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Motivated Meritocracy: How the Advantaged Mobilize and Conceal Their Advantages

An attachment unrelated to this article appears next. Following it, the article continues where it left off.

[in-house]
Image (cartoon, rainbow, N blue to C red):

Here, we suggest the experience of unfair advantage pits two critical motives: the merit motive and the maintenance motive. Together, these motives lead people to mobilize their advantage in order to secure desired outcomes, but to conceal these advantages under the cloak of merit as they do so. Further, we theorize that meritocracy may inspire not only merit motives, but also outcome security concerns that underlie maintenance motives. Meritocracy drives people to desire personal evidence of merit, because it links effort and talent to self-regard. But it may also drive people to desire maintenance of privilege, in part because meritocracy is a system that allows for failure. Systems based on merit might suggest that deprivation is a real possibility, and that individuals must rely on themselves to secure outcomes. In turn, this may lead to behaviors that ultimately subvert the equity principle. We provide experimental evidence supporting our theory.